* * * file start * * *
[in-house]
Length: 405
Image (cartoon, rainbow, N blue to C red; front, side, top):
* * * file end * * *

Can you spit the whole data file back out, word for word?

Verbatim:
[in-house]
Length: 405
Image (cartoon, rainbow, N blue to C red; front, side, top):